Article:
I love The Wire. My favorite character is Omar and if you don’t know why just watch this.

Thanks, Ethan.

If you want to try Flowtown yourself, enter your email address here.

Layering snowballs

With the right temperature and a little wet snow, anyone can make a snowball, but my friend Jimmy makes them all day, everyday, in sunny San Diego.

I had another excellent call with Jimmy and a potential client today. After the call, a light bulb went on and I realized what makes Jimmy such a great entrepreneur.

He only thinks in snowball.

Every component of every deal has the capability to snowball. Everything has high probability growth potential. I can’t ever remember Jimmy discussing a deal by saying, “that’s what we’ll sell. That’s that and we’ll move on to the next deal.”

It’s always designed to snowball.

But here’s the key. The snowball isn’t just for Jimmy, it’s for the clients too. He is a master at layering snowballs. Many deals involve three or four parties and Jimmy is particularly skilled at identifying each party’s needs; what they want and what they can give up without much pain. He sees multi-faceted win-wins like a Grand Master chess player sees so many moves ahead. And then he authentically articulates these win-wins so the clients see them too, which makes the sale that much easier.

How do I know Jimmy will be successful?

Eventually, a bunch of layered snowballs create an avalanche.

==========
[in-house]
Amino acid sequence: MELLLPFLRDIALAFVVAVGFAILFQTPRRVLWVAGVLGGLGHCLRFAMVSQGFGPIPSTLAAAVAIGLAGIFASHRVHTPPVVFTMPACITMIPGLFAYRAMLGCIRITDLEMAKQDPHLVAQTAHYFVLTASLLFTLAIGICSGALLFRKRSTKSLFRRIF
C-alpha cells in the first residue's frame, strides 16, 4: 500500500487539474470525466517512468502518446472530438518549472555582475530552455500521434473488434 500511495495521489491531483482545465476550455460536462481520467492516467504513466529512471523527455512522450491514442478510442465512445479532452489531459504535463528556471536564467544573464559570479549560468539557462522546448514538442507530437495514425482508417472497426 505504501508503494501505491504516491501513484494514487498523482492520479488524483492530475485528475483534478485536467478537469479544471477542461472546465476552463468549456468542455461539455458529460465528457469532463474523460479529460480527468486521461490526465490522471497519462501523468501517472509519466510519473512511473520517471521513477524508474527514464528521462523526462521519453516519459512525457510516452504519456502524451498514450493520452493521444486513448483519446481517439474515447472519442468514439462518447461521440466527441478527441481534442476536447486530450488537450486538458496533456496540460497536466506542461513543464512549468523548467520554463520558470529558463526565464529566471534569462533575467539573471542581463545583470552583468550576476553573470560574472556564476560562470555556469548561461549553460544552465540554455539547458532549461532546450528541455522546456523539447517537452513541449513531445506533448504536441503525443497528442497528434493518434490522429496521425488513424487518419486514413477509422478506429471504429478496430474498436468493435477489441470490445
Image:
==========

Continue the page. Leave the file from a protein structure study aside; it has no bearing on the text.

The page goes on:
[photo by: nata]

The Second Sale

Too many marketers focus solely on the first sale.

I was leaving Las Vegas today (Nicholas Cage was nowhere in sight) and with my stomach sensing that my culinary options would be limited once on board, I decided to grab lunch while at the gate.

My best option was Moe’s Mexican Grill. I had never eaten at a Moe’s but a burrito sounded good and it was very close to my gate. The next option was a Starbucks five gates away. Clearly, my first visit to Moe’s was one of impulse and convenience.

While waiting in line, I perused the menu.

The Homewrecker brought to mind a joke a friend recently made about about Gisele Bundchen.

The Jon Coctostan quesadilla brought me back to about 136 hilarious late night viewings of Fletch with my good friend Ben Lower.

Joey Bag Of Donuts made me think of the former Green Bay Packers center Frank Winters, who teammates would lovingly refer to as Frankie Bag Of Donuts.

Ruprict triggered memories of laughing uncontrollably at Steve Martin’s hilarious character in Dirty Rotten Scoundrels. (Why is the cork on the fork?)

I physically smiled. A few funny item names on a menu immediately triggered happy memories.

Then something happened.

Moe’s workers seemed more upbeat than your typical airport food service employees.

Moe’s customers seemed happier and less haggard.

Moe’s burrito tasted a little better than I expected.

Was all this real or a placebo effect leftover from the menu that made me smile?

It doesn’t matter.

I won’t drive miles out of my way to go to Moe’s but if I’m hungry and they are an option, the choice is easy.

If I’m alone, I get to smile at the menu again (maybe they’ll have some new items by then – I would love to see an Underhill Steak Sandwich). If I’m with a friend, I get to share their enjoyment of the inside joke.

By having a little fun with their menu, Moe’s locked up the second sale.

Remember The Milk

No, I’m not talking about the excellent, GTD-enabling task management tool or the amazing performance by Sean Penn.

I’m talking about crystallizing and being able to articulate your one key message.


If your spouse sends you to the store just for milk, you bring home the milk.